Monday, July 11, 2011


Chinese medicine has always stressed the importance of excessive sexual activity: in this article, I would like to bring to your attention two factors:
- The distinction between men and women in sexual activity
- Insufficient sexual activity as a cause of disease

When discussing sexual activity, Chinese books never distinguish between men and women. There are substantial differences in the sexual physiology of men and women so that excessive sexual activity is less of a cause in disease in women than it is in men. The reason lies in the nature of Tian Gui.

Tian Gui is the generative essence that renders men and women fertile. It is mentioned in the very first chapter of the Su Wen: “When a girl is 14 Tian Gui arrives, the Ren Mai is open, the Chong Mai is flourishing, menstruation starts and she can conceive”. For boys, “When a boy is 16, Kidney-Qi is strong, Tian Gui arrives, sperm is discharged, Yin and Yang are in harmony and he can fertilize.” Thus, Tian Gui is the essence that allows women to conceive and men to fertilize: in women, it is the ova, in men, sperm. Tian Gui is a direct manifestation of Kidney-Jing. In men, loss of sperm therefore implies a loss of Jing and therefore excessive (too frequent) sexual activity may diminish Jing; in women, during sexual activity there is no corresponding loss of Jing as they obviously do not lose ova during sexual activity and therefore there is no corresponding loss of Jing.

While Chinese books always mention excessive sexual activity as a cause of disease, they never mention insufficient sexual activity as a possible cause of disease. This has not always been so as, during past dynasties, all sex manuals explicitly said that sexual activity is essential for the health of both men and women. Indeed, sexual abstinence was viewed with suspicion (as Buddhist nuns were).

Some Chinese doctors considered lack of sex and sexual frustration as a major cause of emotional stress in women. Sexual desire depends on the Minister Fire and a healthy sexual appetite indicates that this (physiological) Fire is abundant. When sexual desire builds up the Minister Fire blazes up and Yang increases : the orgasm is a release of such accumulated Yang energy and, under normal circumstances, it is a beneficial discharge of Yang-Qi which promotes the free flow of Qi. When sexual desire builds up, the Minister Fire is stirred: this affects the Mind and specifically the Heart and Pericardium. The Heart is connected to the Uterus via the Uterus Vessel (Bao Mai) and, in women, the orgasmic contractions of the uterus discharge the accumulated Yang energy of the Minister Fire.

When sexual desire is present but does not have an outlet in sexual activity and orgasm, the Minister Fire can become pathological, accumulate and give rise both to Blood Heat and to stagnation of Qi in the Lower Burner. This accumulated Heat will stir the Minister Fire further and harass the Shen, while the stagnation of Qi in the Lower Burner can give rise to gynaecological problems such as dysmenorrhoea.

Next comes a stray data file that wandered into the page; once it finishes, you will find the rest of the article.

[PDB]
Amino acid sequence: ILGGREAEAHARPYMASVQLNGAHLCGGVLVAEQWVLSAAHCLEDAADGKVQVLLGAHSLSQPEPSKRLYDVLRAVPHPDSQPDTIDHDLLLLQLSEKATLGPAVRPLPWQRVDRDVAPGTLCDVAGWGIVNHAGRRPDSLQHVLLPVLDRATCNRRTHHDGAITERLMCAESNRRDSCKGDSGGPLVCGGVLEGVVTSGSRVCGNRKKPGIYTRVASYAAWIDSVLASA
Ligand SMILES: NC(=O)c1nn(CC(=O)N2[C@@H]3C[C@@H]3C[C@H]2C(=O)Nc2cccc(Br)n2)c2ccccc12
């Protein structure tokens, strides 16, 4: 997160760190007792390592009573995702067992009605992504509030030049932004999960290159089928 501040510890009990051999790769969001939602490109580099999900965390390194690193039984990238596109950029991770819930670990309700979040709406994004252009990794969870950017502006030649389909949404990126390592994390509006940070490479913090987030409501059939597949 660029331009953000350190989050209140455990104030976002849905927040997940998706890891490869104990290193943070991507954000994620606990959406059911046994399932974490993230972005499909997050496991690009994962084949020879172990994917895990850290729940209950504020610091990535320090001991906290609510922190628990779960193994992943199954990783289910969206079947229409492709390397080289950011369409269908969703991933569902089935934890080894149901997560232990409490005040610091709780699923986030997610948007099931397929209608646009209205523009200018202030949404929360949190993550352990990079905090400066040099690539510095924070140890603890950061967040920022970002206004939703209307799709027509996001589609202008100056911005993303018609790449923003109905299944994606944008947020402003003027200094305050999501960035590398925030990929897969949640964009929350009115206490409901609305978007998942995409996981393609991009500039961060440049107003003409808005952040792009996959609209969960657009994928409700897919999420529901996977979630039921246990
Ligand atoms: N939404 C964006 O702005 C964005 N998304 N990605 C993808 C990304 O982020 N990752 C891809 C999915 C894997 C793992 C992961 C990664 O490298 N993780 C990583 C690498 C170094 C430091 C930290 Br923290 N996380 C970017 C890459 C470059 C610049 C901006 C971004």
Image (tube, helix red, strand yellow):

Of course, if sexual desire is absent, then lack of sexual activity will not be a cause of disease. Conversely, if one abstains from sexual activity but the sexual desire is strong, this will also stir up the Minister Fire. Thus, the crucial factor is the mental attitude and sexual desire.

With regard to sexual frustration, Qing dynasty’s Chen Jia Yuan wrote very perceptively about some women’s emotional longing and loneliness. Among the emotional causes of disease he distinguishes “worry and pensiveness” from “depression”. He basically considers depression, with its ensuing stagnation, due to emotional and sexual frustration and loneliness. He says: “In women...such as widows, Buddhist nuns, servant girls and concubines, sexual desire agitates [the mind] inside but cannot satisfy the Heart. The body is restricted on the outside and cannot expand with the mind [i.e. the mind longs for sexual satisfaction but the body is denied it]. This causes stagnation of Qi in the Triple Burner and the chest; after a long time there are strange symptoms such as a feeling of heat and cold as if it were malaria but it is not. This is depression”.
Although the above thoughts derive from Dr Chen’s clinical experience with servant girls, Buddhist nuns and concubines and should therefore be seen in the social context of the Qing dynasty, they also have relevance to our times as he is essentially talking about sexual frustration and loneliness and his reference to widows confirms this (in old China widows were shunned and seldom remarried). He perceptively refers to sexual craving agitating the body but not finding a satisfaction in the Heart and mind: besides sexual frustration, he is also referring to emotional frustration and craving for love.

Thus, considering the social position of women in ancient China and the frequency of the above-mentioned emotional frustration, it is no wonder that Qi stagnation occupies such a central place in women’s pathology, and emotional stagnation in women was often the result of sexual frustration, separation, loss and loneliness: these are the recurrent "anger" in Chinese medicine books.

Sexual frustration was a common cause of disease especially from the Song dynasty onwards as Confucianists frowned upon sexual activity and believed that it should be carried out in secret and that there should be no public display of affection (as in modern China). The current pruderie of Chinese medicine and society is clearly a result not so much of the Communist influence but of the Qing dynasty's Confucian influence. It is important to understand, however, that these rules did by no means imply that sex was a “sin” and woman was the origin of such sin as in the Christian view. The Confucianist abhorrence of sexual philandering was determined mainly by the fear that promiscuity might disrupt the sacred family life.

i. Eight Secret Books on Gynaecology, p.152.